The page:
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I have a very recurrent problem here. (it happens literally all the time). I have found ways to go around it but i really would appreciate a solution for this problem:

Here is how it goes:

At my development machine, i have in my gem file a line like this:

gem "sqlite3-ruby", :require => "sqlite3"

what happens is that, when i bundle install --no-deployment, it goes alright:

Using sqlite3 (1.3.5)
Using sqlite3-ruby (1.3.3)
Updating .gem files in vendor/cache
Your bundle is complete! It was installed into ./vendor/bundle

But then, in the deployment, running bundle install --deployment, i get:

Using sqlite3-ruby (1.3.3)
Updating .gem files in vendor/cache
Your bundle is complete! It was installed into ./vendor/bundle

... which causes require errors that makes the application crash.. Then, what i do is bundle install --no-deployment at the deployment machine. Then i run again bundle install --deployment and then, magically:

Using sqlite3 (1.3.5)
Using sqlite3-ruby (1.3.3)
Updating .gem files in vendor/cache

And then the application runs fine.

So, what i most basically want is that bundler recognizes the sqlite3 dependency on sqlite3 gem

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1 Answer 1

up vote 1 down vote accepted

But then, in the development, running bundle install --deployment, i get:

Okay, this is the first suspicious thing. Why would you run --deployment in development?

You generally don't want to do that. If you're switching all the time between "--deployment" and "--no-deployment" on the same machine, it's easy to get things confused, yes.

Running "bundle install --deployment" will save something in the .bundle/config file in your project, that tells bundler "from here on out, only install these certain gems". "--no-deployment" removes that again, in case you made a mistake or need to hack around. But in general, you shouldn't need to and don't want to always be switching back and forth. Run --deployment on your production/deployment machine, don't run it on your development machine. You don't ever need to run --no-deployment unless you made a mistake and didn't mean --deployment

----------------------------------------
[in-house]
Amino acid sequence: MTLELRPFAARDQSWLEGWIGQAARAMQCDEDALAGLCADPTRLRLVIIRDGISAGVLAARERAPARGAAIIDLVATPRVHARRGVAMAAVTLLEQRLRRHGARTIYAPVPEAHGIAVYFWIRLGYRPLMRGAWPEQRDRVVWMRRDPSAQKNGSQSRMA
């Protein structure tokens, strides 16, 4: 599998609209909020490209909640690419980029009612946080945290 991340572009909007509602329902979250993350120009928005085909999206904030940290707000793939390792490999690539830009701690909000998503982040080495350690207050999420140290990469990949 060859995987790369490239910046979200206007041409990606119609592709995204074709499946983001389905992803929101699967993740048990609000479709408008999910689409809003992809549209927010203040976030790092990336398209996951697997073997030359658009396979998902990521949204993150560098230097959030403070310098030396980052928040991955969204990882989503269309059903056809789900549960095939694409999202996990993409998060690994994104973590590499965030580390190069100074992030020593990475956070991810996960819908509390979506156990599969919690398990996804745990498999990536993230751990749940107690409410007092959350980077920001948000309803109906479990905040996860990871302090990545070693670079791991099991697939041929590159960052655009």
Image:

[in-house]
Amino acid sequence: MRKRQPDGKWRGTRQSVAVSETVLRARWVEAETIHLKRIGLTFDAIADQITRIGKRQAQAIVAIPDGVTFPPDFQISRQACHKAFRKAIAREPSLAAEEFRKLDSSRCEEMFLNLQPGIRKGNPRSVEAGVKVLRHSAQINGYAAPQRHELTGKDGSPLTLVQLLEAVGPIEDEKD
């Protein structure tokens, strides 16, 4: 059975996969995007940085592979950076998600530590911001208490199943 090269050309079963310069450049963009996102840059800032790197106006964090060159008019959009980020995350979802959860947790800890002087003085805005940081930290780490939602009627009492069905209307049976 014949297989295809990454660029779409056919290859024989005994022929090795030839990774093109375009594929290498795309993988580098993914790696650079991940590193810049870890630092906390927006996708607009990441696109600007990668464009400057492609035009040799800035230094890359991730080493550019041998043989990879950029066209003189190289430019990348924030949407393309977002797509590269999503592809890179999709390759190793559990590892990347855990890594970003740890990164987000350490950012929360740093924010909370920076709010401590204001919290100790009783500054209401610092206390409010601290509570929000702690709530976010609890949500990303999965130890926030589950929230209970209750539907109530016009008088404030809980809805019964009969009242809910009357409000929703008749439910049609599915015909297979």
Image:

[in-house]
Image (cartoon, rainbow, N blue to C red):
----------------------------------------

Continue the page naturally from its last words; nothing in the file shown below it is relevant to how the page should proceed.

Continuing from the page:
At this point, I'd rm -rf .bundle (it's okay, it'll just remove all the things bundler 'remembers' about what you want to do, like --deployment), and start over with bundle install.

If there's some reason this doesn't work, then that's the question.

From the line Updating .gem files in vendor/cache, I suspect at some point you also ran bundle package, which is another thing that's "remembered" in the .bundle/config thing, and is also probably interacting with your other commands oddly and doing things you don't expect. Removing your .bundle/config will get rid of that remembered setting too. (you may also need to delete your ./vendor/cache directory contents)

Just run bundle install unless you have a reason you understand for needing package, and understand what it does. Or it'll confuse you.

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I meant deployment, not development. Nevertheless, your answer clarified me some stuff. I'll deploy a new website soon then i'll let you know the results. Thanks anyway for your explanations. –  pedrozath Mar 20 '12 at 18:29

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